There’s a crack in the wood behind me. A fat bottomed pigeon maybe, getting comfortable; their blown milk bottle calls replaced by the ragged, sawing cries of yet more corvid. It’s a voice that slashes through the heat of summer and the brittle ice of winter. I watch them heading over, their wing flaps slow, almost out of time with the speed at which they are travelling. Oily arrows with bills of whittled bone.

The pink of the sky spreads, a slow blush to violet and then darker; aubergine, the midnightsea. The tarp is damp with dew. To the east, Venus has risen. He should be here by now. I check my watch.

Then I hear him. A swallowed bark coming from behind the wood, where rabbits zig-zag through the rough grass with scuts of burning white that bob like flash lights. He must have changed his route. I’ve been outfoxed again.

 

Swifts

A piece I wrote on swifts for the Suffolk Magazine. Already looking forward to their return.

My wife is in Africa. A twelve hour flight across sea, mountains, time zones and desert. She’s tired when I talk to her. Hot and caked in red dust from the loose roads of the Rift Valley. The air itself, she says, is taut with heat. I can almost hear it in the crackle of the phone line. She tells me about the elephant corridor close to her hotel, a passage trampled through brush and scrub, swept clear by tusk and trunk in the march towards water. In the villages where she is working she has seen flocks of petrol-blue superb starlings, some tame enough to be fed by hand, while hornbills, sunbirds and firefinches filled tinder-dry trees. It all feels…well…a world away.

I make tea and carry it out into the garden, heading up the path towards the veg patch. The early afternoon sky is a soft blue and the clouds that previously threatened rain have gone.  I pick up a fork, digging into the soil and turning it over, listening to the scolding tuts of a blackbird perched in the apple tree and the stop-start thrum of a lawnmower two or three houses down.

Then, I hear something else. A scream. High-pitched, almost nasal; it rolls and swings over rooftops and walls, down pavements and paths. Swifts!  I watch as they finally race into sight, shooting between the houses and over the garden; joyriders, pulling handbrake turns with more Gs than a fighter pilot, breaking the peace with their party. I shade my eyes with my hand. I can see six, no, seven, no, eight of them, cutting through the air on scythe-like wings, their sooty brown bodies tar black in silhouette. They race off, gaining height and disappearing from view only to return less than a minute later, still travelling at speed; their tails like arrow vanes, nocked and released by some heavenly bow.

I wonder if these birds, the first wave of arrivals from Mozambique and Malawi, passed my wife’s plane in the air, riding the warm front into Britain. Our own little sun bird. The feat of travelling 10,000km – impressive enough for a creature that weighs just 40 grams – is nothing for a swift. The birds above me have probably spent every day on the wing since leaving these shores at the end of last summer. They feed and sleep in the air, one half of the brain always remaining awake to the danger of collision and the siren call of gravity. Even breeding takes place in the sky. The swift is the founder member of the mile-high club. It is only when nesting that swifts return to earth, or at least nooks in man-made buildings, wriggling in and out of holes like they were a pair of tight jeans.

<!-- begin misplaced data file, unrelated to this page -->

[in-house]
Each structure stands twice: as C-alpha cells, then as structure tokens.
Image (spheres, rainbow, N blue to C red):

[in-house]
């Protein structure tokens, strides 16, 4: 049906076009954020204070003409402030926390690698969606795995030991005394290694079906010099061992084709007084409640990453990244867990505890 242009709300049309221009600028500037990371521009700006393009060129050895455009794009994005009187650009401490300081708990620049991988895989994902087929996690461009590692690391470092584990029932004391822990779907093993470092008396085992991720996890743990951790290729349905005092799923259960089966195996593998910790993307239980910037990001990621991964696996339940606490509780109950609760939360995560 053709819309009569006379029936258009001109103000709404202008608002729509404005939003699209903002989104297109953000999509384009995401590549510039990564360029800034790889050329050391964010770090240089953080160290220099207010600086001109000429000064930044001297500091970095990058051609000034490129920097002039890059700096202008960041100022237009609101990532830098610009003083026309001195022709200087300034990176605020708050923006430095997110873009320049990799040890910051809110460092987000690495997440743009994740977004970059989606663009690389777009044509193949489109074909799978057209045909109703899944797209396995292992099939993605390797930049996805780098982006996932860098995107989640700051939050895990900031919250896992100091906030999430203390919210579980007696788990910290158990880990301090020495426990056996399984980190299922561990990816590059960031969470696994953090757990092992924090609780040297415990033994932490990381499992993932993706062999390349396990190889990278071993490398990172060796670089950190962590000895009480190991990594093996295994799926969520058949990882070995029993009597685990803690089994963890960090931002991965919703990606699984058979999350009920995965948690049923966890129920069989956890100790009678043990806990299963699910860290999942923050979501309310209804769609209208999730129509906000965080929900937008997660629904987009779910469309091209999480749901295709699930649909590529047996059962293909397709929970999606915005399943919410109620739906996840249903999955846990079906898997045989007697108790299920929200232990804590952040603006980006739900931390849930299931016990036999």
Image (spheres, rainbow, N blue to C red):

For me, it feels like the sight of swifts has become even more special in recent years. I think I’ve noticed them; loved them more. Perhaps it’s because, growing older, I have a keener appreciation of the rhythms and pulses of what’s around me. I feel the ebb and flow of the seasons at a different level, the circles of life tighter, more meaningful. But then again, maybe my appreciation has deepened with the realisation that these screaming harbingers of summer are under threat. In the past 25 years Suffolk has lost almost half of its swifts. The traditional nesting places, the nooks and crannies that let swifts into our lives, have been plugged as part of humdrum roof repairs or modern improvements.

The birds’ decline, echoed across the UK, is worrying. But thankfully action, as simple as putting up a nest box, is being taken. Boxes erected in places such as Worlington (just a short swift flight from my garden) has seen a swift colony go from zero to 27 breeding pairs with 60 young in just seven years. The Save Our Suffolk Swifts Project – run by Suffolk Wildlife Trust and Suffolk Ornithologists’ Group – has been working since 2014 to raise awareness about the swift’s plight. They are now asking people to log their sightings of screaming parties and breeding behaviour to build up a picture of what is happening in the county. The results will help them to see where swifts are and, perhaps more importantly, where they are not.

I watch them go, careering off towards town, and turn back to the gardening; mounding earth around potato plants and bending to pull up the seemingly endless loops of bindweed.

The first swifts. The sun already feels hotter on my neck.

 

Wild swim at Knettishall

I run down the mud and gravel beach and into the water at speed, my knees raised and teeth gritted. When it’s not possible to jump, the only option is to sprint; to get in quick, before the scream of protesting nerve endings can turn the body around. The water is bone-chillingly cold as it reaches my waist and moves over my stomach. I take a deep breath, lowering my torso into the river and then, a spilt second later, floating my legs up in front of me. My breathing is short and fast; snatched shocked gasps, as I kick slowly away from the weir.

I’ve swum before in this pool, at the point at which the Little Ouse sweeps into Knettishall Heath. My kids taking daring jumps off the weir’s foaming step, shouting with joy and cold. Pink piglets to be rubbed back to squealing warmth with rough towels. But today it is just me. Even the dog walkers have gone.  A grey wagtail jinks along the weir, a skittering, feathery drop of lemon. I lie still in the water and watch him; enjoying his shell-shocked bobs and the flicking tail. In Japanese folktales the wagtail is a sensual bird of love, of passion. A bird that was sent to direct husbands and wives in their conjugal duties with its fluttering, dipping thrusts. Some men were even known to carry the delicate bones of this river cupid in boxes as love charms.